In this case, the agent (Amazon) is the recipient of the items through the corresponding branch in an EU member state. Under Article 7(1) of the VAT Act, an intra-Community supply is the supply of goods transported by or on behalf of the supplier – a person registered under this Act – or of the consignee from the country in another Member State, when they are supplied to a taxable person or to a non-taxable legal person registered for VAT purposes in another Member State. Under Article 53(1), intra-Community supplies are subject to zero rate taxation in accordance with Article 7. The supplier of the goods must issue Amazon with a zero rate invoice stating the basis on which the VAT was not levied (Article 53(1)) and the indication “Reverse Charge”. With regard to the transport of the goods, the declaration rules already set out in this article shall apply. These rules also apply to Amazon’s brokerage services, since the law between EU Member States and third countries does not apply to recipients of services who are resident outside the country.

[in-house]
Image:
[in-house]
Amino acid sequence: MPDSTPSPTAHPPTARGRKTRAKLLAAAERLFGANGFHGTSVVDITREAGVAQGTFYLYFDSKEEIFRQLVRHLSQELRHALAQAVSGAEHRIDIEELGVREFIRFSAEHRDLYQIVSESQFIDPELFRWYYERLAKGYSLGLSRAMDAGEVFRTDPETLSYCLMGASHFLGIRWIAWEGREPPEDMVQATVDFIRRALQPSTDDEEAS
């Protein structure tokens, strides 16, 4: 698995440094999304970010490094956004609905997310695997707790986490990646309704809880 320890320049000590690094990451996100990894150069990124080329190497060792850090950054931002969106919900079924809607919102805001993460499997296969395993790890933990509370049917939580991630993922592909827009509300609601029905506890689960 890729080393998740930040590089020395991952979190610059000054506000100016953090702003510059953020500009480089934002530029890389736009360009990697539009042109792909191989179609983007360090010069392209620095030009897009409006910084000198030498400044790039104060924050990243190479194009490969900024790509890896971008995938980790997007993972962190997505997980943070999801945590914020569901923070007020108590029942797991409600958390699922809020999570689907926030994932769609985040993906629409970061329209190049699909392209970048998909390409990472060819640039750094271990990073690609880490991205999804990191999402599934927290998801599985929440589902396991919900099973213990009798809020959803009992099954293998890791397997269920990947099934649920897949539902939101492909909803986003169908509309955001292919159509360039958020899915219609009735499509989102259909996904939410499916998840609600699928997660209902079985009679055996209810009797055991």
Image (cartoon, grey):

The mutual agreement procedure (‘MAP’) is an administrative procedure for resolving difficulties/issues related to the interpretation, application and elimination of taxation not in accordance with the Double Taxation Conventions (DTC) concluded by Bulgaria or the Convention on the elimination of double taxation in connection with the adjustment of profits of associated enterprises (90/463/EEC) (‘Arbitration Convention’). The procedure is conducted between the competent authorities of the Contracting States and the taxpayers are not directly involved in it but are notified in a timely manner about its progress and outcome.
The legal basis for conducting the procedure are the provisions on the mutual agreement procedure provided for in the relevant DTC or in the Arbitration Convention.
All DTCs concluded by Bulgaria provide for MAP provisions. These provisions are based on the Model Tax Convention of the Organization for Economic Cooperation and Development (OECD), with some deviations from this Model existing in a limited number of conventions.